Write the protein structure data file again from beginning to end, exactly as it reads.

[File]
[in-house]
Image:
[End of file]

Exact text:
[in-house]
Image: